5 Tips for Surviving Your 1st Year as an Incoming Intern

Across the country, Interns will be beginning their residency. Here are some thoughts on what to expect and perhaps even how to survive your first year from Natasha Bhalla, a first year (almost second year!) surgical intern.

 

  1. There are high expectations for you. When I look at the responsibility that a fourth-year medical student versus an intern is given, I realize the vast difference. A medical student is someone that an Attending or a Resident is expected to teach. Somedays in the hospital that is very difficult. An Intern, on the other hand, is someone who expected to move the surgical case along or help stabilize the ICU patient so they can be downgraded to the floor. They are expected to know a lot and keep the day moving. 

 

  1. You are expected to learn fast. This is an unfortunate truth about Intern year and perhaps all of residency. I remember interacting with the IM chiefs during the beginning of my Intern year. They expected their Interns to carry 7-10 patients (which is a lot) and know how to put in orders, and manage the patient’s hyperkalemia, or hypokalemia on Day 3! Because an Intern did not know how to do all of that quickly on Day 3, they were considered a bad Intern. Crazy! But true. My tip for this – take lots of notes during your first few months. I wrote everything down initially – what I needed to do that day, how to manage common medical issues, how to put in orders, how to discharge the patients. I believe that my knowledge made the life of my seniors and attendings a bit easier.

 

  1. Do not make any social plans on weekdays - I only made social plans on weekends when I definitively knew I was not on call. Life in the hospital is unpredictable. When you are a surgical resident, you do not know if a surgical case will get added on as emergent at 7 pm. As a medical resident, you do not know if you will receive an admission 10 minutes before sign out and your senior will want to teach you how to admit a patient. Essentially your life belongs to your seniors and to your residency. This changes with time of course. But initially, it is the best way to learn and gain the trust of your seniors and attendings.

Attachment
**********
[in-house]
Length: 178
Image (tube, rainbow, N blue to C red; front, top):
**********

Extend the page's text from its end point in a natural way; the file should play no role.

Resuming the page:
1. Becomes friends with your co-residents and nurses. They are your allies. If you are aiming to be in the medical profession then to some degree, you have a type A personality. That may mean that you have trouble asking for help. I struggled with this one a lot. Despite all your note taking and dedication to your residency, your co-resident or nurse may have knowledge that you may not.

 

  1. It is okay if you are not reading as much about your field every day. Coming out of medical school, you are used to spending hours studying and reading. Intern year is about learning about the hospital and keeping things moving. Even if you put in 30 minutes of reading versus the 4 hours you are used to, you are still doing great.

 

At the end of day, it is a great year and when you look back at how much you learnt, it is amazing! Good luck to everyone starting their Intern year. If you need someone to speak to you, I am more than happy to be available.

 

Ambassador Natasha Bhalla is an Oral and Maxillofacial Surgeon practicing in New York. She loves the excitement associated with surgery and is passionate about helping patients with their functional and aesthetic issues.  She is passionate about exercise to relieve daily stress and highly involved in research in her field. For more information, be sure to follow Dr. @dr.natashabhalla

 

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